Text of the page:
Question #43bd9

1 Answer
Oct 17, 2017

Answer:

#(e^x + e^-x)^2#

Explanation:

I'm assuming you mean #e^(2x) + 2 + e^(-2x)#.

~~~~~~~~~~~~~~~~~~~~~~~~~~~~~~~~~~~~~~~~~~~~~~~~~~~~~~~~~~~

There's something very special about this polynomial. To see it, let's use one of the rules of exponents to write the first and last terms in a different way:

#a^(bc) = (a^b)^c#

Therefore, we can change our polynomial to look like this:

#e^(2x) + 2 + e^(-2x)#

#(e^x)^2 + 2 + (e^-x)^2#

Also, remember that #e^-x# is the same as #1/e^x#.

#(e^x)^2 + 2 + (1/e^x)^2#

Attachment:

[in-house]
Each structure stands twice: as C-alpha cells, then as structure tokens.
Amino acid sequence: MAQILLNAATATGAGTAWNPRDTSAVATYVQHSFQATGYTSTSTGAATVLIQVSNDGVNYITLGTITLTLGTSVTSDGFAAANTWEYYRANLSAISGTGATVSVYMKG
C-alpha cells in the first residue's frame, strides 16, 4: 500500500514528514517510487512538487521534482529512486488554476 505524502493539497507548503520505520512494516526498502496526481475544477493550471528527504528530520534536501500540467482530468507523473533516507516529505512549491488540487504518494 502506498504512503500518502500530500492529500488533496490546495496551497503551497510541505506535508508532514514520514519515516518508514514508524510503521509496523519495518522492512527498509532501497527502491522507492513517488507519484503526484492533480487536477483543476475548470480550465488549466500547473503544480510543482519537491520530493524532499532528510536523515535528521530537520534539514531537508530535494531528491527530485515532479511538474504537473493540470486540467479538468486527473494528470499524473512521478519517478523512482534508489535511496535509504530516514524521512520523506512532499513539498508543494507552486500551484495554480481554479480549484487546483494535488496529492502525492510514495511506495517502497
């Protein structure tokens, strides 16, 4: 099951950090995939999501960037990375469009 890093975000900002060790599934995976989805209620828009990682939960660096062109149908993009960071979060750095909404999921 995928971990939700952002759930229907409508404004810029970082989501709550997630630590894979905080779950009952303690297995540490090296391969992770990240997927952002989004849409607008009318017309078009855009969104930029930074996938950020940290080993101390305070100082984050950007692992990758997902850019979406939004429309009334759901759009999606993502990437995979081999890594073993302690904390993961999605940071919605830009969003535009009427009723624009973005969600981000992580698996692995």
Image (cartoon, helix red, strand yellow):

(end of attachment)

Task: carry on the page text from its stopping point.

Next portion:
~~~~~~~~~~~~~~~~~~~~~~~~~~~~~~~~~~~~~~~~~~~~~~~~~~~~~~~~~~~

Do you see it? This polynomial is actually a perfect square! Remember this formula?

#(a+b)^2 = a^2 + 2ab + b^2#

Well, if we use the fact that #(e^x)(1/e^x) = 1#, we can change our polynomial to look like this:

#(e^x)^2 + 2(e^x)(1/e^x) + (1/e^x)^2#

This very clearly fits with our perfect square formula, so we can factor it like this:

#(e^x + 1/e^x)^2#

Or, to write it like the original problem did,

#(e^x + e^-x)^2#

Final Answer